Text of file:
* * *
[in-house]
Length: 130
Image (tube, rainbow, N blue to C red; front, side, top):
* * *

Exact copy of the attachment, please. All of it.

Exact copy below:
[in-house]
Length: 130
Image (tube, rainbow, N blue to C red; front, side, top):